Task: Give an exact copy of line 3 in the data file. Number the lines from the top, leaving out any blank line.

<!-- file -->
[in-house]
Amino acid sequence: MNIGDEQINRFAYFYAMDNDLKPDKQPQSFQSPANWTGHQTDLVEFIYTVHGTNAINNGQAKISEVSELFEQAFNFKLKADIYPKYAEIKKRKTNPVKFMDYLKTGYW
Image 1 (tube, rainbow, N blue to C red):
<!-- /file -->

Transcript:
Image 1 (tube, rainbow, N blue to C red):